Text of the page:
Brazil's real drops 1% to pull Latam FX lower

Dec 29 (Reuters) - Most Latin American stocks and currencies dropped on Wednesday with Brazil's real weakening 1% with eyes on month-end derivative settlements, while its stock index dropped to a near one-month low.

The real , fell for the second session and was set to record its worst day in over two weeks. Brazil's benchmark stock index (.BVSP) dropped 0.7%, tracking concerns about rising infections of the Omicron variant of the coronavirus.

Global risk sentiment took a hit following record numbers of confirmed daily cases of coronavirus in various parts of the world including the United States and countries in Europe. read more

MSCI's index of Latin American currencies (.MILA00000CUS) fell after it gained for five consecutive sessions, while stocks (.MILA00000PUS) fell for the second consecutive day. They were down 0.5% and 1% respectively.

Meanwhile, Brazil reported a primary budget surplus of 3.872 billion reais ($680 million) in November, much more than forecasts of a surplus of 1.1 billion reais. read more

Among other currencies in the region, higher copper prices lifted Chile's peso , up 0.6%. Chile's central bank had considered hiking the interest rate by as much as 150 basis points this month, before deciding to raise by 125 bps, minutes showed.

Mexico's peso firmed 0.4% for the fifth time in six session. Colombia's peso and Peru's sol eased 0.6% and 0.5% respectively.

In emerging currencies in Europe, Middle East and Africa, Turkey's lira fell for a third straight session, to around 12.66 to the dollar at 1930 GMT. It was about 19% down on the week, after surging more than 50% last week from record lows of 18 per dollar. read more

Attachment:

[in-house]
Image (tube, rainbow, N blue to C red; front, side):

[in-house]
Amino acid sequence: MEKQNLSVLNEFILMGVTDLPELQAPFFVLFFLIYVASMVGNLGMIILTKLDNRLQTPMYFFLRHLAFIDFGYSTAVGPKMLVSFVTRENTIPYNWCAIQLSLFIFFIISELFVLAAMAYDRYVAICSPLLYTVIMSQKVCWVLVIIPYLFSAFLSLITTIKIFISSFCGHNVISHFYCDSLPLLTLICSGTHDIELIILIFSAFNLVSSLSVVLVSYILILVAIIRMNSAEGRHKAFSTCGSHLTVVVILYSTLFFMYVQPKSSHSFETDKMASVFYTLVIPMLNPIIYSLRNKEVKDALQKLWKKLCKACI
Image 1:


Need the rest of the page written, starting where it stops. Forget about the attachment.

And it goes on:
Worries about politically driven unconventional Turkish central bank policies have hammered the currency this year. In a Reuters poll, annual inflation was expected to exceed 30% this month, while the benchmark interest rate has been cut to 14%.

"The government’s plans to make sure TRY deposit holders get a return equal to that of foreign currency holders treats the symptom (currency devaluation) instead of the problem (inflation)," Marshall Gittler, head of investments at BDSwiss said.

"It may make the problem worse by shifting the exchange-rate risk onto the government and increasing the government’s money-printing," Gittler said.

Turkish stocks (.XU100), which had scaled all-time highs this month, were about 17% below those levels on Wednesday. On the day, they were up 2.4%, while on the year they have gained 28.4%.

Latin American stock indexes and currencies at 1940 GMT:

Reporting by Susan Mathew and Shashank Nayar in Bengaluru; additional reporting by Karin Strohecker in London; editing by Grant McCool

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